Category Archives: Microfiction

The Fork in the Road by Lynn Nicholas

The wedding couple were our colleagues. They seated you at my table. The evening was hot and humid—the wine cooling and delicious. I toasted the newlyweds, glass after glass. My professional reserve evaporated.

You waxed witty and teasing, and I leaned into you, giddy and laughing. You asked me to dance. I stood, unsteady. You proffered a supportive hand. Your arm slipped around my waist. I closed my eyes and drank in the scent of you: sun-washed cotton and spicey cologne.

I turned; our eyes locked. Wordless, our hearts signed an irrevocable, binding contract. That night, our paths converged.

Copyright © 2021 Lynn Nicholas All rights reserved

Lynn Nicholas’ first novel, Dancing Between the Beats, was published in 2019. Short fiction and poetry publication credits include Story Snacks and The Storyteller (published by Society of Southwestern Authors), Foliate Oak Literary Magazine, SandScript Arts & Literary Magazine, The Wild Word, Every Day Fiction, The Rose City Sisters, Wow! Women on Writing, Leaves of Ink, and the AARP Bulletin. Lynn is a member of Sisters in Crime and the Society of Southwestern Authors.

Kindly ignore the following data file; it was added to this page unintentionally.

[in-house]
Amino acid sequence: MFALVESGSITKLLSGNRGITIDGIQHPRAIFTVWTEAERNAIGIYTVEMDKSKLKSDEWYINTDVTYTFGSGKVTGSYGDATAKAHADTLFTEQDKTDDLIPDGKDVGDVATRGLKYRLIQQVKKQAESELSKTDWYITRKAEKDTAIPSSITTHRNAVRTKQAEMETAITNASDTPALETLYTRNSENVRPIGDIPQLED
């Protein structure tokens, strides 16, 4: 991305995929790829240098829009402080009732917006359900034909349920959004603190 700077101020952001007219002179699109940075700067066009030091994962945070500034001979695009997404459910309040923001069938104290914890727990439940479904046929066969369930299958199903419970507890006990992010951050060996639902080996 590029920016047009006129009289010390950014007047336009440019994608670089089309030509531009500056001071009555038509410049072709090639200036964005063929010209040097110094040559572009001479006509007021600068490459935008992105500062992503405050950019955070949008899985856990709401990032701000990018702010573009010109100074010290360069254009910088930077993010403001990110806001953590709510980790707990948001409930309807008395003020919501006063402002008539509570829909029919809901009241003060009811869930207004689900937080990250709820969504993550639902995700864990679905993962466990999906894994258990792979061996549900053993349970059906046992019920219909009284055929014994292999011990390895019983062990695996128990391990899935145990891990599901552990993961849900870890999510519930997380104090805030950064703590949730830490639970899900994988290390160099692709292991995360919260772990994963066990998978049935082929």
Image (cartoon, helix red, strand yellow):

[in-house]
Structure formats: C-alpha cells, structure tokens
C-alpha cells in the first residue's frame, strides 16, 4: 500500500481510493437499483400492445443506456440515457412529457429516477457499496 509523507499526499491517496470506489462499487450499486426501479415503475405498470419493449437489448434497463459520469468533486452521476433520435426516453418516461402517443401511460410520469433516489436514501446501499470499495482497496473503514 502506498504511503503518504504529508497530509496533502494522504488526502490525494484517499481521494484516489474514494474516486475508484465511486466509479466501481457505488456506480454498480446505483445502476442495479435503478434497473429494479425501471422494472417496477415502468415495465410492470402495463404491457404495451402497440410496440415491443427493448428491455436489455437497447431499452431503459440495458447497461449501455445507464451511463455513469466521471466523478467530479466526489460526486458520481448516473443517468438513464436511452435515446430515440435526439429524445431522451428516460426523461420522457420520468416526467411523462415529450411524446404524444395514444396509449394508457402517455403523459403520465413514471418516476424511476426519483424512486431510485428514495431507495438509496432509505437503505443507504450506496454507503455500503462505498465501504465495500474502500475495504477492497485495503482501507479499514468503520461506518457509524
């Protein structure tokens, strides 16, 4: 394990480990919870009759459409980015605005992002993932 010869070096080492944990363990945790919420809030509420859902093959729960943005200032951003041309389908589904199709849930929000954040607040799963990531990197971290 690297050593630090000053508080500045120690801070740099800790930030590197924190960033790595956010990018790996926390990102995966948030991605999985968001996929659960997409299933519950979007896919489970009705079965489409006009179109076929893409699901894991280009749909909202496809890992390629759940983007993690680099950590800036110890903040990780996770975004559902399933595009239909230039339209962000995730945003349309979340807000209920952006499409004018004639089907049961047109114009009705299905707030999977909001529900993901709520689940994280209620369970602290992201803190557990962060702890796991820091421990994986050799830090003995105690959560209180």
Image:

The New Normal by Paula Johnson

When the bot was out of beta, Lester knew he had a goldmine. By entering some keywords and a premise, he could generate a buzzword-laden business book in 24 hours. A few more clicks—and eleven bucks—bought a cover design from a digital sweatshop in a country with a name he could not pronounce.

Let the thought leaders do deep dives into topics du jour, thought Lester. He was happy in the shallow end, cranking out three books a month and knowing his innovative publishing model reflected unprecedented out-of-the-box thinking combined with agile, synergistic execution.

© Copyright 2021 Paula Johnson. All rights reserved.

Paula Johnson is the founder and editrix of The Rose City Sisters website. Join her email list  and get invited to her book launch party!

Mise en place or yours? by Paula Johnson